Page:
I’d only arrived two days before, aboard a ferry with two friends, Petrus and Patou. We’d become acquainted at the weekly market in Sarlat-la-Canéda, where Petrus and her husband sold olives and spices and Patou peddled her regionally famous nems, crispy Vietnamese spring rolls. At the ticket counter Patou had requested “une place, avec chien.” This made me study more closely the small board posting ticket prices. Sure enough, there it was, its own special category: “one spot, with dog,” along with “single passengers,” “family groups,” and “passengers with bikes.” Cars are not permitted on Île d’Aix.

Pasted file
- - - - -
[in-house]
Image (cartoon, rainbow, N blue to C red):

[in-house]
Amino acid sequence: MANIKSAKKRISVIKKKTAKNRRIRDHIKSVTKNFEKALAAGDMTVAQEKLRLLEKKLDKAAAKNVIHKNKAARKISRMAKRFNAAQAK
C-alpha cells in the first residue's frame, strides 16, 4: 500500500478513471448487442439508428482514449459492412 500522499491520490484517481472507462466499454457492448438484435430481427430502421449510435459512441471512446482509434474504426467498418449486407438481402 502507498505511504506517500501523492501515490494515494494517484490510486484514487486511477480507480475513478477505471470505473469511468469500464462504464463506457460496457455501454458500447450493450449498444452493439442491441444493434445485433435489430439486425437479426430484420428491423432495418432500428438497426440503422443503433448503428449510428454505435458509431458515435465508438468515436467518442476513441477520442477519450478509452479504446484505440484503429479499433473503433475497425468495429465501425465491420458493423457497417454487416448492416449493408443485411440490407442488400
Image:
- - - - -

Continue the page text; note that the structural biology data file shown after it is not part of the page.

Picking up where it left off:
I knew Patou’s wolf-like mongrel hound, Kirikou, from the frequent hikes with my market friends into the Dordogne’s dense oak forests and steep limestone river valleys. Kirikou always came, all business: alert for danger, and not one for sweet talk or ribbons. On those treks I’d noticed that he wove protective circles around the two women, but never me. As a child I’d had a dog like Kirikou, who was fiercely protective of me and my closest friend. When Petrus and Patou invited me to join them on their annual getaway to this island, I accepted quickly. I too wanted to escape into Aix’s serene simplicity. I also secretly hoped it would make Kirikou weave circles around me, pulling me into the pack.